The season and location in which the fish spawns depend on the species. For example, those in Greenland spawn in 0-5m (0-16ft) of water, while those in the North Sea spawn at down to 200m (660ft) in the fall. Females lay the eggs on the sea bed, on rock, stones, gravel, sand, or in algae beds, with the highest survival being in crevices and behind solid structures in order to avoid open exposure to predators. They may lay anywhere from 20,000-40,000 eggs depending on their age and size but on average about 30,000.
The eggs sink, settle and stick together as well as to any sediment or debris due to their mucous coating. They need continuous microturbulence from wave action or coastal currents to ensure the layers are not too thick with mucus, which would deplete their oxygen and kill them. Their incubation time is 40 days at 3 °C (37 °F), 15 days at 7 °C (45 °F), or 11 days at 10 °C (50 °F). They die at temperatures above 19 °C (66 °F). Individual eggs are 1-1.4mm (3/64-1/16in) in diameter.
Fishing and Cooking
The Pacific thread herring, red-eye round herring, and whitehead’s round herring make up the remaining 10% of these fish caught in fisheries, and they are not of the Clupea genus. However, all species are important, even the smallest ones. One of its main uses is baitfish.
There are also useful by-products of fish oil, which is used as a nutritional supplement, and fishmeal, which is used as farm animal feed.
However, their most important use is as a food source, with a taste at its most basic described as mild, oily, and flaky. The most common recipes involve them being eaten raw, salted, fermented, dried, pickled, or smoked, with the eggs being valued as a caviar substitute. They are most commonly eaten in Baltic countries and the British Isles.
The most popular example of fermented herring is the Swedish surströmming, which has been traditional since the 16th century. It uses Baltic fish, which is lightly salted and fermented for 6 months before being canned. A newly opened can is said to have one of the most putrid smells in the world.
Dried herring are a common breakfast staple in the Phillippines along with garlic rice and eggs. The fish is typically dried with salt and is also called salted dried herring.
German, Nordic, Dutch, Polish, Baltic, and Jewish cuisines all include pickled herrings. The two-step process involves curing with salt and then removing the salt and adding other spices or flavorings.
Kippered or red herring
Kippered or red herring is called kippers. They turn red due to being smoked, a curing process that is done on the fish during the spawning season when they don’t taste as good. Canned kippered fish is called “kipper snacks” and is typically eaten in the British Isles and Scandinavia.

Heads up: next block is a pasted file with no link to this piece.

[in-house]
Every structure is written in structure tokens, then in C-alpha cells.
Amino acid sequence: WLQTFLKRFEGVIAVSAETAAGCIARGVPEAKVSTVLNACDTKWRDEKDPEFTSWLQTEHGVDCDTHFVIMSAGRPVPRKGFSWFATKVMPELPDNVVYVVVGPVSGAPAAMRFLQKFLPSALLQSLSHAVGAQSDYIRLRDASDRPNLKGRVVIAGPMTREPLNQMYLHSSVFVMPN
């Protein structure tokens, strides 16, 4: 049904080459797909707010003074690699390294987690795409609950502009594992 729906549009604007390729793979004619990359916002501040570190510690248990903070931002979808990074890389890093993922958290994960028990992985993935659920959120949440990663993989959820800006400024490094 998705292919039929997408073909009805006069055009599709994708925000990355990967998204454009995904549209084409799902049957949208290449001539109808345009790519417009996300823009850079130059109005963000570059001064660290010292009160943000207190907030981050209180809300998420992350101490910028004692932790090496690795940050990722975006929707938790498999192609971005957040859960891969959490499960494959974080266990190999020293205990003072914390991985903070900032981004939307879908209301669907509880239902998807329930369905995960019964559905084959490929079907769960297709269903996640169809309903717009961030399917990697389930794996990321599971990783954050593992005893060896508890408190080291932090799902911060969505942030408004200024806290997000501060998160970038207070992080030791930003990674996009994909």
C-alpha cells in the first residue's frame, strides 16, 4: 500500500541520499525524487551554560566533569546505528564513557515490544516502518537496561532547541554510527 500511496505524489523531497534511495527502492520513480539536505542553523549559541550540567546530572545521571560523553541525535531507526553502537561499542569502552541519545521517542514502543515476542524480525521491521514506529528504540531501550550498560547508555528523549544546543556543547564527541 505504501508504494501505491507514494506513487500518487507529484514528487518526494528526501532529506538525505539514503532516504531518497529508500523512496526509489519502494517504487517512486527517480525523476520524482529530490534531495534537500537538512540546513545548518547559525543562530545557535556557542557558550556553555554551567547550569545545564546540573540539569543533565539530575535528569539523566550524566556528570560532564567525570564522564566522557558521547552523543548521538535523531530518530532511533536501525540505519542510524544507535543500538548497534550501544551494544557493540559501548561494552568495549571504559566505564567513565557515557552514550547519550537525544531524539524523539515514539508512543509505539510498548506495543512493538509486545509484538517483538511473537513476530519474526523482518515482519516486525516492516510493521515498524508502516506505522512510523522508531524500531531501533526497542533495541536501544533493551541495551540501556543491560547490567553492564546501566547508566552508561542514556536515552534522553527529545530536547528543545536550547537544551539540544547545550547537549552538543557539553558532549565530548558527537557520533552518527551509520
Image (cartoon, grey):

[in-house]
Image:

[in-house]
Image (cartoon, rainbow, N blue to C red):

These fish populations fluctuate with fishing and reproduction, which replaces the older fish with young ones. The species with a Vulnerable conservation status according to the IUCN are: Blueback (Alosa aestivalis), Venezuelan (Jenkinsia parvula), Galapagos thread herring (Opisthonema berlangai), Denticle (Denticeps clupeoides), Cuban longfin herring (Neoopisthopterus cubanus) and Vaqueira longfin herring (Opisthopterus effulgens). Their common threat is overfishing.View all 104 animals that start with H
Herring FAQs (Frequently Asked Questions)
What is herring?
The definition of a herring is usually a small forage fish from the family Clupeidae, with most being from the genus Clupea.
Where are herring found?
Herring lives in the Atlantic and Pacific Oceans, the Baltic Sea, and off the west coast of South America.
What is a red herring?
A red herring also called a kippered herring or a kipper, is a smoked herring, so-called due to its color.
Is herring a good fish to eat?
Herring is an oily fish that is high in Omega-3 fatty acids, vitamin D, selenium, and every other essential nutrient in varying proportions.
Is a herring the same as a sardine?
No. Although herrings are often marketed as sardines or pilchards because they are so similar, herrings and sardines are different fish species that belong to the family Clupeidae. It is also believed that sardines are just smaller herrings.
How big do herrings get?
The size of a herring depends on its age and species. They can be as small as 10.5cm (4.1in) or as large as 60cm (23.6in).
What Kingdom do Herring belong to?
Herring belong to the Kingdom Animalia.
How do Herrings have babies?
Herrings lay eggs.
What are the key differences between herring and sardines?
The greatest differences between herring and sardines can be found in their potential size and phylogenetic families. Fish considered sardines are often heavier than herring, weighing between 0.2 and 4.5 pounds compared to the herring, which tops out at 2.2 pounds.
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- Wikipedia, Available here: https://en.wikipedia.org/wiki/Herring
- MiMi, Available here: https://en.mimi.hu/animals/herring.html
- National Geographic, Available here: https://www.nationalgeographic.com/news/2015/2/150211-herring-decline-british-columbia-fishery-seabirds-environment/
- eHow UK, Available here: https://www.ehow.co.uk/info_8101360_eats-herring.html
- World Wildlife Fund, Available here: https://www.worldwildlife.org/industries/fishmeal-and-fish-oil
- Nutrition Advance, Available here: https://www.nutritionadvance.com/herring-nutrition-benefits/